Schizophrenia in India

Mental health resources in India are limited, just around 4000 psychiatrists are available for over a billion people. Therefore, the treatment is focused primarily on the management of symptoms with drugs. Rehabilitation and psychosocial intervention are frequently neglected and rarely available. In order to provide these services, a group of mental health professionals, philanthropists, patients families and other stake holders founded the Schizophrenia Research Foundation (SCARF) in 1984.

[ By Rangaswamy Thara and Sujit John ]

There is no organised community care for schizophrenia patients in India. It is most common to treat people in the mental hospitals, which are generally large and isolated from the community they serve. Efforts are now underway to make mental health care more accessible – under a revamped national Mental Health Program and the District Mental Health Program. Up to now– apart from a few sporadic instances – these efforts have not been successful yet, due to a lack of coordination as well as consensus and planning by the various state governments.

SCARF is a non-governmental organisation (NGO) based in Chennai committed to schizophrenia care and research since 1984. It runs an outpatient department and three residential facilities with a total inpatient strength of 150. Being a referral rehabilitation centre, most of its clients are chronic, treatment refractory and moderately to severely disabled.

However, in the past few years, due to increased awareness, there has been an increase in the utilisation of the services of the centre by first episode patients and individuals with shorter duration of illness. It started its community outreach program in Thiruporur nearly 15 years ago and covers about 200 villages and 5 urban slums – catering to a population of over 400,000. In 2009 SCARF is set to cover an additional 200 villages with a population of over a 100,000 people by expanding its community clinics.

Working with grass root level organisations in the rural areas, SCARF aims to train their field workers in the identification and referrals of persons with mental disorders to the clinic. Also, awareness of mental health problems in the population shall be increased, using methods such as street-theater, folk dance and drama – to name just a few ingredients of the community programmes. Other components include training the community workers to implement simple psychosocial rehabilitation measures, particularly the mobilisation of locally available resources, networking with other NGOs to set up a referral service and finally establishing family and community support groups for people with schizophrenia and other chronic mental illness.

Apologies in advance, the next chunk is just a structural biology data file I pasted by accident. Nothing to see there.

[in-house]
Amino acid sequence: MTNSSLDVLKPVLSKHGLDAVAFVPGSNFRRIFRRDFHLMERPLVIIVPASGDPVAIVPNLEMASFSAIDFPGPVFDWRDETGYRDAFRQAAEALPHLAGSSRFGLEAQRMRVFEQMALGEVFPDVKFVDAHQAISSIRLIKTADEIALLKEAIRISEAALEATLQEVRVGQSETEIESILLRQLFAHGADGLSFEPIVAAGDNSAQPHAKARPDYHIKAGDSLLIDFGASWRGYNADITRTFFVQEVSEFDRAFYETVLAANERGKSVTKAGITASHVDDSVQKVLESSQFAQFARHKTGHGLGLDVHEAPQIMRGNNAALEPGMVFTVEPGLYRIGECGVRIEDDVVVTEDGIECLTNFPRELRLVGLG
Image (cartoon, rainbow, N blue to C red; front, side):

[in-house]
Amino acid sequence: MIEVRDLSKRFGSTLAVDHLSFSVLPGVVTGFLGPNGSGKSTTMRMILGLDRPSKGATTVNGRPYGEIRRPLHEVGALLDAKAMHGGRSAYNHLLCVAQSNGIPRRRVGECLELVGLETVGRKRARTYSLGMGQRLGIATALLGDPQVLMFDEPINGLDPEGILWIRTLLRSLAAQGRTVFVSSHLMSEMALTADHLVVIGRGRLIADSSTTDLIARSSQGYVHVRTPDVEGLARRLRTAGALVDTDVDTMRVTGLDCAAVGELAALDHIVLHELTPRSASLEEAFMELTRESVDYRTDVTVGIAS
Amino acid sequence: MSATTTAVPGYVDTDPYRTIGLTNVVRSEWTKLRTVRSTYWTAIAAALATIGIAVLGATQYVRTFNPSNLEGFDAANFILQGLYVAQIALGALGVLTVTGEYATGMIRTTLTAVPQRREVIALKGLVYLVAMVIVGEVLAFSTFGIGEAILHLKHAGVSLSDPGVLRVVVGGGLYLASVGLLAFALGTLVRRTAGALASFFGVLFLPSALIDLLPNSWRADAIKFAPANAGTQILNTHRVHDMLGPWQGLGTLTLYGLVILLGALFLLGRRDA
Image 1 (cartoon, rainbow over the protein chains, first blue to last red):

In a logical extension of SCARF’s community ser­vices, the organisation set up its telemedicine network in 2006. At the moment there are seven peripheral centres connected to the hub at SCARF Chennai. The strategy adapted to set up the network mirrored the steps taken to establish the community clinics of SCARF. For financial reasons low cost technologies such as ISDN is used for connectivity rather than high cost ones.

Research on stigma and use of stigma reduction programmes including film festivals on mental health, study of children of persons with schizophrenia and genetic studies on schizophrenia, are other areas of work with great clinical relevance.

Prevalence and incidence

Among the epidemiological studies on psychoses conducted in India, one of the largest has been the Longitudinal Study of Functional Psychoses in an Urban Community (SOFPUC) in Chennai (formerly Madras) carried out by SCARF and the Department of Psychiatry, Madras Medical College (ICMR, 1990). A population of over 100,000 was screened. The age corrected prevalence rate of schizophrenia was 3.87/1000. Other studies in India have reported prevalence of 0.7/1000 to 14.2/1000. However comparability among studies has been limited by variations in population size, geographical area and diagnostic criteria.